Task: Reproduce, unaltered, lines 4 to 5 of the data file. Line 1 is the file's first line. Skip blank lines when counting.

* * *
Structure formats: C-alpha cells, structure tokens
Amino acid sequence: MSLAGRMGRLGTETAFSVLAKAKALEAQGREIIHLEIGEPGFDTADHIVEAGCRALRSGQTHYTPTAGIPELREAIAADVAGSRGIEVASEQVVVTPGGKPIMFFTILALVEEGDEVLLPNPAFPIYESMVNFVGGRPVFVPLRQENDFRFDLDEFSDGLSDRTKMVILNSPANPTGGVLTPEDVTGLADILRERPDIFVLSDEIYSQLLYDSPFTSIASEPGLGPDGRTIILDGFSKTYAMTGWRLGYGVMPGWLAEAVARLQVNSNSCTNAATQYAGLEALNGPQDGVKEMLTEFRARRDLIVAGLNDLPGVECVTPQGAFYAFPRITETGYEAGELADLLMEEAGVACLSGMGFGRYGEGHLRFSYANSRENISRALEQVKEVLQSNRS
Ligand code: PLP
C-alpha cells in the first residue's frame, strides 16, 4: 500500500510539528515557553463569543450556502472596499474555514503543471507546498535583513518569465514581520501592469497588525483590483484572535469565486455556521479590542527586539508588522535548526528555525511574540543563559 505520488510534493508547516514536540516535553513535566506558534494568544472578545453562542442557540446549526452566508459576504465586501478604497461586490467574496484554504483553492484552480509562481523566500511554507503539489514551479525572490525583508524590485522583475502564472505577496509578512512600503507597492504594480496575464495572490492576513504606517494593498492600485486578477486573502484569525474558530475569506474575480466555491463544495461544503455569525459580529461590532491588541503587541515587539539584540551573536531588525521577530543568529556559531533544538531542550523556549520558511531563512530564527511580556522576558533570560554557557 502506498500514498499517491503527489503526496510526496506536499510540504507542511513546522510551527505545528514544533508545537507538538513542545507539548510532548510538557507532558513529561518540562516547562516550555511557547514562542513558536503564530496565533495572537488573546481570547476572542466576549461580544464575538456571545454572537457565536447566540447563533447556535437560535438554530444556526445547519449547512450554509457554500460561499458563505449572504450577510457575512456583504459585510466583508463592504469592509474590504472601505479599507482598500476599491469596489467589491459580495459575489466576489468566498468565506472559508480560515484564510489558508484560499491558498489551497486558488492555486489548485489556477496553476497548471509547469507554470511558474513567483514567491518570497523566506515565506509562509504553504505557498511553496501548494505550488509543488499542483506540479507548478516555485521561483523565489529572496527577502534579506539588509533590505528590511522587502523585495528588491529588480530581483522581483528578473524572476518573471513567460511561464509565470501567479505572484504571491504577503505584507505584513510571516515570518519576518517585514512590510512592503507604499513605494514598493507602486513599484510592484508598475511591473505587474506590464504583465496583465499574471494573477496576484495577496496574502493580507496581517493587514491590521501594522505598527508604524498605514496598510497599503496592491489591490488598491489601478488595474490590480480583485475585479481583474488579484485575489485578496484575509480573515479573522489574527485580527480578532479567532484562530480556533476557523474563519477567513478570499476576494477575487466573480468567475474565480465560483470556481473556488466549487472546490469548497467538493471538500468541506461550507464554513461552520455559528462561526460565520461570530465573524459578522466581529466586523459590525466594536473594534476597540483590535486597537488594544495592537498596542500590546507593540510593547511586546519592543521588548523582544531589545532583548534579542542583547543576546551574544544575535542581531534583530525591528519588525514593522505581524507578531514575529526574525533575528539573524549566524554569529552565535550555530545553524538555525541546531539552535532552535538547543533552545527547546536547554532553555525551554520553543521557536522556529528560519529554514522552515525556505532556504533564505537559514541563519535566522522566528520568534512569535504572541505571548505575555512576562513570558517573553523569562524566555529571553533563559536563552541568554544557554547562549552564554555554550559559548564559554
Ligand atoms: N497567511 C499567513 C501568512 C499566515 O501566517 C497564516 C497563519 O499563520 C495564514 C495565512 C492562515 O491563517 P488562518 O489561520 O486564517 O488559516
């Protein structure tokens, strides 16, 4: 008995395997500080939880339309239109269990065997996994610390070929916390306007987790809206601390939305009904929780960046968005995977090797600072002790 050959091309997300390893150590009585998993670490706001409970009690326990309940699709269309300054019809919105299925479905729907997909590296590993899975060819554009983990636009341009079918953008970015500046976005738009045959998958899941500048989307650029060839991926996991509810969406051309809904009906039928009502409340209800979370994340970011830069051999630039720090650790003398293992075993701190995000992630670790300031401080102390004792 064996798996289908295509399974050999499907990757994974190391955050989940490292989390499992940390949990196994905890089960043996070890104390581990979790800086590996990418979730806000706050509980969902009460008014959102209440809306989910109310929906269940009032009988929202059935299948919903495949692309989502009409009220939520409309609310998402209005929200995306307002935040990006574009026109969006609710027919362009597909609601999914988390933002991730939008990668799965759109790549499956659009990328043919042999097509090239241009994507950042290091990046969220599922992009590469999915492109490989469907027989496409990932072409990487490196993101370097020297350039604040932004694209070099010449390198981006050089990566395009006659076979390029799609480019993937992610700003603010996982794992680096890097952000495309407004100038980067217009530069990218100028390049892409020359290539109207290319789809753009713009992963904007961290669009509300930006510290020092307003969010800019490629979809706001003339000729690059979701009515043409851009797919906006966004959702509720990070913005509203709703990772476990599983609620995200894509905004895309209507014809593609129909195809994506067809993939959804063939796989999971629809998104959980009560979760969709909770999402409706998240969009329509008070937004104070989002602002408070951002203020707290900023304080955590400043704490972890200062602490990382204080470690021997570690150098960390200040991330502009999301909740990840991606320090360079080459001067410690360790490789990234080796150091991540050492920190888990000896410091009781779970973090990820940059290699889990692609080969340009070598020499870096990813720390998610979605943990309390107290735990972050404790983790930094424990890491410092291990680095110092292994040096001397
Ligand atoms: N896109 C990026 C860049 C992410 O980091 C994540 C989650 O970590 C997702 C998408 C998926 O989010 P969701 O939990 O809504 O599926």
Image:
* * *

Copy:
C-alpha cells in the first residue's frame, strides 16, 4: 500500500510539528515557553463569543450556502472596499474555514503543471507546498535583513518569465514581520501592469497588525483590483484572535469565486455556521479590542527586539508588522535548526528555525511574540543563559 505520488510534493508547516514536540516535553513535566506558534494568544472578545453562542442557540446549526452566508459576504465586501478604497461586490467574496484554504483553492484552480509562481523566500511554507503539489514551479525572490525583508524590485522583475502564472505577496509578512512600503507597492504594480496575464495572490492576513504606517494593498492600485486578477486573502484569525474558530475569506474575480466555491463544495461544503455569525459580529461590532491588541503587541515587539539584540551573536531588525521577530543568529556559531533544538531542550523556549520558511531563512530564527511580556522576558533570560554557557 502506498500514498499517491503527489503526496510526496506536499510540504507542511513546522510551527505545528514544533508545537507538538513542545507539548510532548510538557507532558513529561518540562516547562516550555511557547514562542513558536503564530496565533495572537488573546481570547476572542466576549461580544464575538456571545454572537457565536447566540447563533447556535437560535438554530444556526445547519449547512450554509457554500460561499458563505449572504450577510457575512456583504459585510466583508463592504469592509474590504472601505479599507482598500476599491469596489467589491459580495459575489466576489468566498468565506472559508480560515484564510489558508484560499491558498489551497486558488492555486489548485489556477496553476497548471509547469507554470511558474513567483514567491518570497523566506515565506509562509504553504505557498511553496501548494505550488509543488499542483506540479507548478516555485521561483523565489529572496527577502534579506539588509533590505528590511522587502523585495528588491529588480530581483522581483528578473524572476518573471513567460511561464509565470501567479505572484504571491504577503505584507505584513510571516515570518519576518517585514512590510512592503507604499513605494514598493507602486513599484510592484508598475511591473505587474506590464504583465496583465499574471494573477496576484495577496496574502493580507496581517493587514491590521501594522505598527508604524498605514496598510497599503496592491489591490488598491489601478488595474490590480480583485475585479481583474488579484485575489485578496484575509480573515479573522489574527485580527480578532479567532484562530480556533476557523474563519477567513478570499476576494477575487466573480468567475474565480465560483470556481473556488466549487472546490469548497467538493471538500468541506461550507464554513461552520455559528462561526460565520461570530465573524459578522466581529466586523459590525466594536473594534476597540483590535486597537488594544495592537498596542500590546507593540510593547511586546519592543521588548523582544531589545532583548534579542542583547543576546551574544544575535542581531534583530525591528519588525514593522505581524507578531514575529526574525533575528539573524549566524554569529552565535550555530545553524538555525541546531539552535532552535538547543533552545527547546536547554532553555525551554520553543521557536522556529528560519529554514522552515525556505532556504533564505537559514541563519535566522522566528520568534512569535504572541505571548505575555512576562513570558517573553523569562524566555529571553533563559536563552541568554544557554547562549552564554555554550559559548564559554
Ligand atoms: N497567511 C499567513 C501568512 C499566515 O501566517 C497564516 C497563519 O499563520 C495564514 C495565512 C492562515 O491563517 P488562518 O489561520 O486564517 O488559516